Evaluating Menstrual Leave as a Viable Workplace Policy

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Marian Baird (University of Sydney Business School), Elizabeth Hill (Political Economy, University of Sydney) and Sydney Colussi (University of Sydney Business School) have published their article Mapping Menstrual Leave Legislation and Policy Historically and Globally: A Labor Entitlement to Reinforce, Remedy, or Revolutionized Gender Equality at Work? 42 Comp. Lab. L. & Pol’y J 187 (2021). Here is an except from the introduction:

Woman with blond hair

Professor Marian Baird

Women’s participation in the labor market continues to be of interest to governments in most nations, yet it is widely acknowledged that women do not participate on equal terms or with equal outcomes to men. While gender and cultural norms are important determinants of women’s labor market experience, institutional arrangements, and particularly formal labor law, also have a significant influence in shaping women’s work life. Over 2.7 billion women across the world are legally restricted from having the same choice of jobs as men. Amongst the 189 economies assessed by the World Bank in 2018, 104 economies were found to have laws preventing women from working in specific jobs, while 59 economies have no laws on sexual harassment in the workplace and, in 18 economies, husbands can legally prevent their wives from working.

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Professor Elizabeth Hill

While these and other laws remain a critical focus in achieving gender equality at work, and have received  considerable academic and policy attention, menstrual leave and its role as a workplace measure to promote women’s advancements in paid work remains largely unacknowledged and under examined, despite growing interest in the subject, in both academic and public spheres. There are no cross-national global studies of menstrual leave and there is little discussion of its use or implications for workplace gender relations. Available studies primarily focus on the policy’s historical development, including its complex relationship with both pronatalist state agendas and feminist trade union movements.This literature also sheds light on the class implications of menstrual leave, which evidently has the capacity to divide women from men, and each other. Menstrual leave is also rarely addressed in the critical menstrual studies literature, which provides broad analysis on the systemic disconnect between menstruating bodies and public spaces, but seldom engages with menstruation in the workplace, and rarely as a workplace gender equality measure.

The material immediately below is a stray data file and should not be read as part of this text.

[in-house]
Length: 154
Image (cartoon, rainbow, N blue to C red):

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Research Associate Sydney Colussi

It is in this context that we argue it is timely to evaluate menstrual leave legislation and policy and its potential role in improving or undermining women’s equality in paid work. Our analysis focuses on the design, motivation and intent embedded in national labor codes and company menstrual leave policies, and the official discourses used to frame their introduction. This is a necessary first step given the lack of  empirical literature evaluating the impact of menstrual leave on workplace gender equality.

The full article is available on ProQuest, Lexis and Westlaw (institutional subscription required; sorry). It’s worth a read for anyone interested in gender inequality and employment law.

Professor Baird, Professor Hill and Research Associate Sydney Colussi are co-convenors of TheBody@Work Project at the University of Sydney Business School.  That project “reimagines the future of embodied work and investigates how workplaces can make radical strides to offer a truly inclusive and supportive experience for all workers.” (More info here.)

Emily Gold Waldman (Pace) and I take up the topic of menstrual leave in the U.S. context in our forthcoming book, Menstruation Matters: Challenging Law’s Silence on Periods, due out from NYU Press in June 2022. Our conclusion there is that, unless carefully crafted, menstrual leave policies would be subject to constitutional challenge. We also discuss the lack of consensus in the U.S. context about the need for menstrual leave. Ultimately, even if well-drafted policy passes constitutional muster, the details matter. One concern is potential backlash against those who actually take menstrual leave.

I look forward to following this issue and to reading more from Marian Baird, Elizabeth Hill and Sydney Colussi!

 

 

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